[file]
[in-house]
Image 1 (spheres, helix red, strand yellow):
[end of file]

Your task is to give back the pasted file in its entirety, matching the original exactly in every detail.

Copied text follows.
[in-house]
Image 1 (spheres, helix red, strand yellow):